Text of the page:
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Your Social Security Number Is Worth Less Than a Snickers Bar

Data leaks at companies like T-Mobile mean millions of Social Security numbers are being leaked to the Dark Web. This is how much they’re worth

It seems like data breaches are more frequent than holidays. In August, T-Mobile weathered its fifth hack in only four years. It was the largest one yet, leaking personal information (first and last names, dates of birth, Social Security numbers and ID numbers) that belonged to more than 50 million people.

As if this weren’t bad enough, the hacker who claims to have done it told the Wall Street Journal that T-Mobile’s cybersecurity was “awful,” making for extremely easy entry. As a consequence, there’s a good chance that the Dark Web is hosting its version of Black Friday, selling Social Security numbers for a sweet bargain.

Unfortunately, there’s not a whole lot you can do once your info has been leaked. But if you’re the curious type, you may wonder, how much your Social Security number is worth in a clandestine marketplace? You’ll be disappointed to learn that in many cases, that highly precious piece of personal information is worth less than a Coke Zero.

A 2016 report found that Dark Web shoppers are only willing to pay $1 for a Social Security number, which is the same amount they’ll shell out for username and password information to Brazzers. A second report in 2017 confirmed these findings, adding that Social Security numbers can go for as little as 10 cents when sold in bulk.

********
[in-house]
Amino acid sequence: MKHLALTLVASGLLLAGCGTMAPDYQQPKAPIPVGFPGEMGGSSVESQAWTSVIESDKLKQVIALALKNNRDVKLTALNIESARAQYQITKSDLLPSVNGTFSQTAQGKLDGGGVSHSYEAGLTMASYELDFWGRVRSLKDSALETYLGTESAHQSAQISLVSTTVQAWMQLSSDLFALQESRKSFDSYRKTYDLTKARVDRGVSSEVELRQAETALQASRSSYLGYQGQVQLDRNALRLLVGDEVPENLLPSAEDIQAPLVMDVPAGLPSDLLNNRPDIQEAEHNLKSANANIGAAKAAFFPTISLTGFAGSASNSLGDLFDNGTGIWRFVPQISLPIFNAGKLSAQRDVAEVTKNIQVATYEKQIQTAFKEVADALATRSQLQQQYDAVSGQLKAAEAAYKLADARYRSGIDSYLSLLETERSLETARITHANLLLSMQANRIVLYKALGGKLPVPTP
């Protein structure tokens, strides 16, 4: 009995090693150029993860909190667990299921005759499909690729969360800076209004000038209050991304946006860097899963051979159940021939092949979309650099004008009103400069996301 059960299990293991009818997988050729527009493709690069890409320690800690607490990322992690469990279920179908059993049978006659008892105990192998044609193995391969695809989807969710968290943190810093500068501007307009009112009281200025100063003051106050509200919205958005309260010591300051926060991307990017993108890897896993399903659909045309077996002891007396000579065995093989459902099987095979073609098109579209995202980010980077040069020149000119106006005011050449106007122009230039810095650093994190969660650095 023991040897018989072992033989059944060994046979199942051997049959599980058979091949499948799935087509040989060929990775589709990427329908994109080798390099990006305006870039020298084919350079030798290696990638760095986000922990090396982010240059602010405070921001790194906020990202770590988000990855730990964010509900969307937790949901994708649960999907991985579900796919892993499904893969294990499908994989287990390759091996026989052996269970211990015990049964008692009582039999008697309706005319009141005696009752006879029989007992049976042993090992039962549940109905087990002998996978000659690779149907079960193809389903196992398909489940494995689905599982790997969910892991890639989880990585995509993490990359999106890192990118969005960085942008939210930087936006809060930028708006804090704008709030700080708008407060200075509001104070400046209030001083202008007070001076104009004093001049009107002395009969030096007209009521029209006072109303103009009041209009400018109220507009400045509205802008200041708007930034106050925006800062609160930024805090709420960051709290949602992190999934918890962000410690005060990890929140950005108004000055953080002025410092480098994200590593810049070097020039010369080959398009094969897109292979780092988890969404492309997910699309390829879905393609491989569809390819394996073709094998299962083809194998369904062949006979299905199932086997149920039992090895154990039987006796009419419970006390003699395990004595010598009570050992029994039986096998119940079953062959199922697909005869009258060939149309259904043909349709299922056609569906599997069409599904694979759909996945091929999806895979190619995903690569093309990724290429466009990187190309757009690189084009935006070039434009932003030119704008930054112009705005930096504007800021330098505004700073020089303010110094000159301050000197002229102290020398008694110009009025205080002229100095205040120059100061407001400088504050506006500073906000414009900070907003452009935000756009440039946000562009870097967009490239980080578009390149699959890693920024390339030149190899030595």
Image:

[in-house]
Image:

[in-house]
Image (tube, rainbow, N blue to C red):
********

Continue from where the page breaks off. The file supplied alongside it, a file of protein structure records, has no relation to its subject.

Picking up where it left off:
If you’re not already thoroughly depressed, here’s another sad fact: Username and password information for Twitter accounts usually go for more — $2 to $3 in most cases.

The low cost and accessibility of stolen Social Security numbers is bad news for anyone who’s been involved in a data breach: If someone buys yours, they can file claims to pull money out of your Social Security account, file fraudulent tax returns for refunds and even open bank accounts, credit cards and more — all in your name.

Your best bet if T-Mobile failed you is to simply keep an eye on your credit reports and bank accounts. You can also contact the three major credit bureaus — Equifax, Experian and TransUnion — to employ a fraud alert or freeze. The one caveat is that while the latter makes it harder for a stranger to open an account in your name, it does the same for you too, so be prepared to take extra steps if you have to open an account after establishing a credit freeze.

Who knew a dollar could buy you so much these days?